Injuries taking toll on Cards' Eckstein
Tuesday, October 24, 2006
The high-energy shortstop has a growing list of ailments.
ST. LOUIS -- David Eckstein, the shortstop with the infectious go-go attitude, the "pulse" of the St. Louis Cardinals, needs a tuneup.
Worn down by injuries since June, he now has a sprained left shoulder, courtesy of a diving stop on Jose Reyes' infield hit during Game 5 of the NL championship series.
Since then, he has taken fewer batting practice cuts than his teammates and has avoided unnecessary throws to conserve his strength for games. He skipped Monday's off-day at Busch Stadium while the rest of his teammates went through a mandatory workout.
Eckstein's defense hasn't been affected, though he's had no success at the plate in the World Series or much in the postseason overall.
"I limit my swings in the on-deck circle, limit batting practice," Eckstein said. "If the other guys are taking three sessions in the cage, I'll take one or two.
"I limit all the stuff I do before the game."
Eckstein, who batted .292 in the regular season, is 0-for-9 against the Tigers with a strikeout and a double-play ball to end the eighth inning in the Cardinals' 3-1 loss in Game 2. He's hitting .160 overall (8-for-50) in the postseason with two extra-base hits, a homer and a double, and two RBIs.
Trainer Barry Weinberg said the latest injury isn't so severe that Eckstein wouldn't have tried to play through it during the regular season. Weinberg also noted the heart factor.
"Is he 100 percent? No. Is he playable? Yeah," Weinberg said. "So he plays. That's David, that's his nature. He pushes on and he doesn't want to not be in the lineup."
Teammate Scott Rolen said Eckstein deserves to be out there, if he thinks he can play. That, of course, is a sticky subject since the Gold Glove third baseman was benched twice in the postseason because he wasn't hitting.
"If he gives the nod that he can go out and play, he earned it and we want him out there," Rolen said. "I believe the man. I'll take him out there any day."
Pitcher Chris Carpenter called Eckstein "a leader in this clubhouse."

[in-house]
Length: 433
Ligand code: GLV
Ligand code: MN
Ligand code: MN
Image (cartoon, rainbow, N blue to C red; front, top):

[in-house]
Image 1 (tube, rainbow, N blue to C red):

"He's a leader on the field, and he comes every day to play the game as hard as he can," Carpenter said. "He's a big part of this club."
In the postseason, it's common for players to soldier through aches and pains accumulated from six months of competition.
"Man, there's a lot of people banged up right now," Preston Wilson said. "That's part of the game, that's part of what you do.
"Playing banged up right now is better than sitting at home."
Those have always been words to live by for Eckstein, although this year he was limited to 123 games. The physical woes began with what was described as a mild concussion sustained in mid-June while breaking up a double play in Pittsburgh.
Eckstein was second in the NL with 86 hits to go with a .322 average when he was hurt. Post-concussion symptoms, again mild, held him to a .234 average in July and .233 in August while he struggled with focus.
He missed 24 games after a hard slide into Cubs catcher Michael Barrett on Aug. 19 resulted in a strained left side muscle. He sat for five more games with a strained left hamstring in late September.
The Cardinals have a capable backup in Aaron Miles, who did a nice job filling in during Eckstein's side injury. It's highly unlikely, though, that Eckstein will ask for time off.
"Unfortunately, he's been banged up," Weinberg said. "He plays so hard a lot of times it catches up with him.
"But you can't tell him to back off his game, because that's not who he is."